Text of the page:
Doyle Lawson & Quicksilver’s latest album, Roads Well Traveled, was released today. This most recent inductee into the Bluegrass Hall of Honor shows no signs of slowing down. His latest release is filled with the same originality we have come to expect from Doyle over his fifty years in bluegrass music. Building off the fresh sound exhibited on recent albums Drive Time and Sing Me A Song About Jesus, Roads Well Traveled is a treat for fans old and new.
The album’s opener, Dixie Road, is an old Lee Greenwood hit. DLQ tore down the house with this one at the IBMA Awards show last fall. Jazzed up by Josh Swift’s dobro playing, listeners will find themselves bopping their heads in no time.
How Do You Say Goodbye To Sixty Years is the tear-jerking story of a man who is trying to cope after his wife’s passing.
How do you say goodbye
To the only gal that you’ve ever loved?
How do you sleep at night
When you’re the only one left to pull those covers up?
And when I wake up in the morning
How will I face the day knowing that she won’t be here?
You know it’s just a part of life,
But, son, how do you say goodbye to sixty years?
In an age of artists perpetually stuck in high school, a song of this maturity stands out from the crowd. Taylor Swift should listen to this to learn what true heartbreak is.
It’s Hard To Be Forgotten and Fiddlin’ Will are two of the album’s grassiest numbers. It’s Hard To Be Forgotten sounds like a classic Quicksilver song. Corey Hensley’s sky-high vocals matched with the driving sound of Joe Dean’s banjo should send his one flying up bluegrass charts in no time.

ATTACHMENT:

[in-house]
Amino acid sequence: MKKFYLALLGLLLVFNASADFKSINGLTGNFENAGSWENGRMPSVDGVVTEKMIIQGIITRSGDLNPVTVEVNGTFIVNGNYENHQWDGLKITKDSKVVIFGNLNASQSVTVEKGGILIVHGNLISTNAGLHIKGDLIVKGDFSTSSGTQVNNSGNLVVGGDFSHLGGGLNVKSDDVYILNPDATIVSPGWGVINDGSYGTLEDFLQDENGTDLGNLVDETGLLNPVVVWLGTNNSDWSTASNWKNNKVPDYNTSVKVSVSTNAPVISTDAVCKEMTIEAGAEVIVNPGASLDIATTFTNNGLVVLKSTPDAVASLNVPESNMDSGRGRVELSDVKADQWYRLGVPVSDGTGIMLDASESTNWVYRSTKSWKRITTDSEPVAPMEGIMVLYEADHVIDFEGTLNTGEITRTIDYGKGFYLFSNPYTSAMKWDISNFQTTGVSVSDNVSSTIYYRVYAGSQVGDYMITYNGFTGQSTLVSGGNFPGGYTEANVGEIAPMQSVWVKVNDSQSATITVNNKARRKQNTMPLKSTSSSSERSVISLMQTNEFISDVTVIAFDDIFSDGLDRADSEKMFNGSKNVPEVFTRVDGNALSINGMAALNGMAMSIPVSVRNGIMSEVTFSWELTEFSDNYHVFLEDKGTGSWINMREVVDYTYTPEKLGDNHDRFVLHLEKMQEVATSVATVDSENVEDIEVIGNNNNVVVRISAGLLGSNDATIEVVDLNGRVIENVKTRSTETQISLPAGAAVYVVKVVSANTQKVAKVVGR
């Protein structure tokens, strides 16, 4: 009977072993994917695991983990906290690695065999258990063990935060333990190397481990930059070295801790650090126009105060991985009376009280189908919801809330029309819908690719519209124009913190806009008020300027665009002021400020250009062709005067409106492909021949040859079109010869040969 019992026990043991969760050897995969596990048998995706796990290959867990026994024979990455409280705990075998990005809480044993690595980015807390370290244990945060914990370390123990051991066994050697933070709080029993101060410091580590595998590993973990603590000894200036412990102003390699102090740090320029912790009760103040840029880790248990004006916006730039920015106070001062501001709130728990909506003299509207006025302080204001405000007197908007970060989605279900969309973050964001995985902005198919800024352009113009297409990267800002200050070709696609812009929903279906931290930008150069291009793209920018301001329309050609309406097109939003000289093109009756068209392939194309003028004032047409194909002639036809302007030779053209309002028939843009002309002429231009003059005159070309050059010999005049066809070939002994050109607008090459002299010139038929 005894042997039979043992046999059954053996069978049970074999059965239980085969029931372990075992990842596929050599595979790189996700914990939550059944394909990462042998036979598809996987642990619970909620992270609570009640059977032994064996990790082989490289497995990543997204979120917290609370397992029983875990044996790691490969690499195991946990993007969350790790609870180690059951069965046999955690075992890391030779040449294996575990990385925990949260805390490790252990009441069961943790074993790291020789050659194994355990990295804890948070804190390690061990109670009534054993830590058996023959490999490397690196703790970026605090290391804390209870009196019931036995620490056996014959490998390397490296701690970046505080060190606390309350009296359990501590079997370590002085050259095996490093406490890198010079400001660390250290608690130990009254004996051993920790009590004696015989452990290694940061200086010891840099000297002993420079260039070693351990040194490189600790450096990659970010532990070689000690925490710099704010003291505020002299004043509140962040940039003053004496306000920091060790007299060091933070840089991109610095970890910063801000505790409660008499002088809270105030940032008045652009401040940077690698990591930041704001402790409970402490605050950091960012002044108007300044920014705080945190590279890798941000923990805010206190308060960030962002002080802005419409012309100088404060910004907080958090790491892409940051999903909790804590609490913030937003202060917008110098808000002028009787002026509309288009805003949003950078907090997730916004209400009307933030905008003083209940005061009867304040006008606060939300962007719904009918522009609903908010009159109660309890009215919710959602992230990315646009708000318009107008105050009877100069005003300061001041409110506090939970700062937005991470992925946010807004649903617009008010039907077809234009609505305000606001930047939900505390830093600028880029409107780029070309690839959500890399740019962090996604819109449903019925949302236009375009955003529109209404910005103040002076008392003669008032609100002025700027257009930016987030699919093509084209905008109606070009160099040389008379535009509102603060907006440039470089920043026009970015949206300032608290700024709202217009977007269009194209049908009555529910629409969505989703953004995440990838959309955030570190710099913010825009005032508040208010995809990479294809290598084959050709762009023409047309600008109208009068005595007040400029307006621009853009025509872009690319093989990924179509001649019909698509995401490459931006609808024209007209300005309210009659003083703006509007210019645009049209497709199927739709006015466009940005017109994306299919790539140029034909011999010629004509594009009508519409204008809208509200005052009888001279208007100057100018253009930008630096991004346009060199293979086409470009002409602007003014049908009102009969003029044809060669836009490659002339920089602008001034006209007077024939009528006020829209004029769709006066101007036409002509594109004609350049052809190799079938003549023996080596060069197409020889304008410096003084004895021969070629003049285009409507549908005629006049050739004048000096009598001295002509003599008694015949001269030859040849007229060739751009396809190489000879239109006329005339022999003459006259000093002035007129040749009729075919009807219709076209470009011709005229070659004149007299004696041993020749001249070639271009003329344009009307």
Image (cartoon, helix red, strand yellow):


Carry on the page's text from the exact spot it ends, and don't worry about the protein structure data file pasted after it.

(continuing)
With Fiddlin’ Will, DLQ pays homage to bluegrass pioneers, Jim & Jesse McReynolds. One of the most underrated fiddle players on the bluegrass circuit today, Jason Barie, displays his masterful fiddle playing on this number. Once this song gets going, your foot instinctively starts tapping.
But Doyle’s not just one of the best band leaders in bluegrass history; his mandolin playing is second to none. I still think it’s a bluegrass sin that Doyle has never won IBMA’s Mandolin Player Of The Year award. He proves my point on his original tune, By The Waters Of The Clinch. Everyone takes a turn on this catchy instrumental, but it is Lawson who steals the show.
Without a doubt, I’m That Country is my favorite song on Roads Well Traveled. If you take everything country you can think of, put them in a sack and shake ’em up, you’ll have I’m That Country. Home grown tomatoes, a team of mules, Martha White flour, and Crowe on banjo: this song has got it all! Mike Rogers’ powerful lead vocals leave no room for doubt: Quicksilver is that country!
Roads Well Traveled should find a ready audience with any bluegrass fan. Quicksilver has only had one member change in the past couple years, and this current edition is well-polished in their vocal and instrumental performance. Once again, Doyle Lawson delivers.